The rise of Radley


It’s no secret that we British women love our handbags. In fact this everyday essential now officially ranks as the most desirable of all fashion accessories, according to the latest Mintel research. A whopping 60 per cent of us will purchase at least one brand new one in the next 12 months and fashion analysts predict a 52% growth in the sector by 2019. That’s lots of handbags.

Among the sea of baguettes, buckets, clutches and totes from high street stores and high-price designers, Radley is the one standout British handbag retailer that’s delivering some pretty impressive sales figures (the company announced a third consecutive year of growth at the end of 2015, with sales soaring to £30.6 million in the first six months of last year, up £1.9 million from the previous year).

If you have a handbag habit you’ll already be familiar with the Radley concept but if the name still doesn’t ring a bell, the brand’s iconic little black Scottie dog motif just might. For it’s this clever piece of branding that’s made the brand so instantly recognisable.

Headlined by its stylish leather handbags and purses Radley is the brainchild of Australian-born architect, Lowell Harder, who left her native Perth aged 22 to travel around Europe in a camper van before settling in London in 1969. By 1984 the mother of three was looking for a new challenge and swapped bricks and mortar for leather. It was when she’d started selling leather goods for a friend on Camden Market that she decided to fill a gap in the UK accessories market by designing her own range of colourful handbags and purses.

In 1998 the Radley concept was born. Keen to maintain a very British feel from the start and inspired by the regattas her sons had rowed in, Harder named her collection after the well-known public school, then set about the challenge of finding retailers to stock her product. Lots of meetings later, she’d managed to convince John Lewis to stock the new bags on a sale or return basis and has never looked back.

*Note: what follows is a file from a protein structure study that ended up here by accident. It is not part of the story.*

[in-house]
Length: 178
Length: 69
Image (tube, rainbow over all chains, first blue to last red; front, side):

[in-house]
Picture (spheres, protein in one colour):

While sales have ticked over nicely from the start, Radley hasn’t always enjoyed the level of success it’s currently experiencing. In 2009, the brand entered what its founder Lowell Harder has referred to as the ‘dark period’. With a new team of directors on board, strategy appeared to move away from quality leather goods to focus more on growing a lower cost range of accessories, such as slippers and scarves. For those who can remember, that little Scottie dog suddenly seemed to be everywhere and the products began to feel a bit cheap and cheerful.

Realising her beloved brand needed her; Harder returned to the helm and by 2012, a new Radley renaissance was in full swing. Today, the company employs 400 people in the UK and the demand for the bags shows no signs of abating.

Offering practicality, classic lines, quirky styles and colourful designs, Radley currently outsells all other handbag brands at both John Lewis and House Of Fraser – quite an achievement in today’s competitive marketplace.

New designer collaborations have also helped to attract a fresh new following of fashionistas to the brand. Following on from collaborations with model Laura Bailey and designer Holly Fulton, Radley snapped up another London Fashion Week favourite – Jonathan Saunders, known for his innovative use of prints.

The future’s bright for the little black dog.

Shop the Radley collection here

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